Tuesday, May 29, 2012

Huge Barley Wine The Begining

We've got a problem, some of the grain stock is getting a little up there in age due to a busy portion of last year.  That coupled with a recent order to spruce up the options has left quite a surplus that needs a use sooner than later.  The logical option? Create a huge barley wine.  I'm hoping to detail the process here as it's developed over the next month or two with periodic updates during the aging process that's expected to take nearly a year.

This first step (although completely out of sequence) was mainly to get the process kicked off and make me commit to the idea.  Yesterday I crafted 4 lbs of Belgian candy sugar to add in steps during the fermentation.  Belgian candy sugar is commonly used in dubbles and triples to help get that lighter body in a high gravity beer while adding some great unique flavors.  It's available at most home brew shops and usually costs a pretty penny.  You can however  make your own at home since it's simply invert sugar.

Step 1 - Gather Ingredients/Equipment

Table sugar - use how ever many pounds of candy sugar you want to produce
Creme of Tartar - 1/8 tsp per pound of sugar
Water - just enough to cover the sugar, I used 1/2 a cup per pound
Candy Thermometer (got mine at a grocery store for <$6)

Step 2 - Put it all in a pot over medium heat and stir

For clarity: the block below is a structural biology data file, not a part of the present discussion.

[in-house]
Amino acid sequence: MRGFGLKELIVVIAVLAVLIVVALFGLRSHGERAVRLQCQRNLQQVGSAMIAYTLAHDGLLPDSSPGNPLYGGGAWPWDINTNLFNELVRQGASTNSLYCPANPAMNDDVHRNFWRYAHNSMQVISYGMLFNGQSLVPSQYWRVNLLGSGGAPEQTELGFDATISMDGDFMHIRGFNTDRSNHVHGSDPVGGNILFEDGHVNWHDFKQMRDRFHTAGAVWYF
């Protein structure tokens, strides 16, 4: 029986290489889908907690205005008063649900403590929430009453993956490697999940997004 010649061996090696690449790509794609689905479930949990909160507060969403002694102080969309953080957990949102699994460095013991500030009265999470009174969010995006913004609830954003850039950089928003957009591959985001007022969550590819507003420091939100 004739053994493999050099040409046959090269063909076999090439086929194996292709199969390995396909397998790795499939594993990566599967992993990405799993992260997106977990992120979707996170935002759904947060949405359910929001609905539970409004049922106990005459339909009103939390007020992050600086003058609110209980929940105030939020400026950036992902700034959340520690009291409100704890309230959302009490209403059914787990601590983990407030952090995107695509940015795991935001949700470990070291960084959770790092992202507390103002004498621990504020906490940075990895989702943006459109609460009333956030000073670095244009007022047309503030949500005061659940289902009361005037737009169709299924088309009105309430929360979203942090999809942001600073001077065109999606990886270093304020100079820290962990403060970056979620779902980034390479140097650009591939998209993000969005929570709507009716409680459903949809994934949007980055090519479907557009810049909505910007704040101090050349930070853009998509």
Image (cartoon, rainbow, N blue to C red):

Step 3 - Get the temperature between 260°F and 270°F

This is where the sugar inverts and you'll need to hold it in that range pretty tight for a minimum of 20 minutes.  If it starts to creep up above the 270°F add a few tablespoons of cool water to bring it down, do not exceed 275° or drop below the 260°F.

After you keep it in the temperature range for 20 minutes you can keep it in that same range longer until you get the color you want, for darker candy sugar simply hold the temperature longer.  I was going for a nice amber color.  This is a good time to make sure your mold is ready to cast the sugar in when it's done.  I used a cookie sheet lined with parchment paper.

Step 4 - Bring the temperature up above 300°F

Bring the temperature just above 300°F which is the hard crack temperature (listed on the package your candy thermometer came in) and immediately remove from heat and pour it into your mold.

Step 5 - Let it cool and harden

If you did everything right in about an hour that slab in the picture in step 4 will be hard as a rock.  At this point simply break it into conveniently sized chunks that will fit in a zip lock bag for storage.  It should keep for quite a long time until you're ready to brew. 

That's it, a very simple process but you have to pay attention to the temperatures very closely.  Not sure how long it will be until the next barley wine post as there are a lot of details to work out but as excited as I am I hope it won't be long.


  1. seems interesting, thanks for sharing

  2. AsCan't wait to see more. I've been a little hesitant to try something as big as a barleyy wine.

  3. I think ive had this before. However your one looks a lot better haha

  4. I'm really glad I found your blog. I've tried my hand at home brewing a few times with little success, now I have a guide!
    Awesome work, cheers!